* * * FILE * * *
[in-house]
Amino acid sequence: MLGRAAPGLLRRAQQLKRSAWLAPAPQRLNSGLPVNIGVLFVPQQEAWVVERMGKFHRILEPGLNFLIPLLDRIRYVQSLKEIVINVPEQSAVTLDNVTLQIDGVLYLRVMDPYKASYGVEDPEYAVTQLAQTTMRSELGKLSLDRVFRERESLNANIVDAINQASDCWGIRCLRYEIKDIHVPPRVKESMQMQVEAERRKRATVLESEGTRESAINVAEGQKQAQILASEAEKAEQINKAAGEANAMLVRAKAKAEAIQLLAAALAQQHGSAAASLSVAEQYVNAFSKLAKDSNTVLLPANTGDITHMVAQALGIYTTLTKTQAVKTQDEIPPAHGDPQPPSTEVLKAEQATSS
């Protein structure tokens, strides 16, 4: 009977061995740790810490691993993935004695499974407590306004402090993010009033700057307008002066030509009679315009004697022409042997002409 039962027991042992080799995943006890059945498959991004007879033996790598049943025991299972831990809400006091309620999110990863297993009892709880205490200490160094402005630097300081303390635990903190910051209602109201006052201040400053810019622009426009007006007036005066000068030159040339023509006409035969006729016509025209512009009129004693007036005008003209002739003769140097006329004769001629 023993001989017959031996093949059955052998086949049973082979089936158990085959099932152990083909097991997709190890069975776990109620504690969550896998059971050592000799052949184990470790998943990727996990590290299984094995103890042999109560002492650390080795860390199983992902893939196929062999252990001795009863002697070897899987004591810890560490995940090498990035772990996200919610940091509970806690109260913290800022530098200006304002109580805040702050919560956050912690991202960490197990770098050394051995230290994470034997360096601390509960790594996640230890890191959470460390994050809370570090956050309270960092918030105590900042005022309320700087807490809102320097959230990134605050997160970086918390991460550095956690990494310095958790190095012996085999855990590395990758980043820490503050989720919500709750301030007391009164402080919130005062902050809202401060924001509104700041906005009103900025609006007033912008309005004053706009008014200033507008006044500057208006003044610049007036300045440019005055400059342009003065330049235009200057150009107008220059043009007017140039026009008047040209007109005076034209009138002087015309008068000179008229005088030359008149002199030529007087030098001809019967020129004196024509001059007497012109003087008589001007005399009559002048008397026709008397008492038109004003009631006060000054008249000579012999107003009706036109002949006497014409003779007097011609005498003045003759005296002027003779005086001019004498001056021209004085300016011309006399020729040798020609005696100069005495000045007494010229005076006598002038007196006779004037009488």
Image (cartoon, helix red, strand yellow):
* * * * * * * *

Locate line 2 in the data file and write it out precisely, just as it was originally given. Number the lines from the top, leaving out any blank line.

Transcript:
Amino acid sequence: MLGRAAPGLLRRAQQLKRSAWLAPAPQRLNSGLPVNIGVLFVPQQEAWVVERMGKFHRILEPGLNFLIPLLDRIRYVQSLKEIVINVPEQSAVTLDNVTLQIDGVLYLRVMDPYKASYGVEDPEYAVTQLAQTTMRSELGKLSLDRVFRERESLNANIVDAINQASDCWGIRCLRYEIKDIHVPPRVKESMQMQVEAERRKRATVLESEGTRESAINVAEGQKQAQILASEAEKAEQINKAAGEANAMLVRAKAKAEAIQLLAAALAQQHGSAAASLSVAEQYVNAFSKLAKDSNTVLLPANTGDITHMVAQALGIYTTLTKTQAVKTQDEIPPAHGDPQPPSTEVLKAEQATSS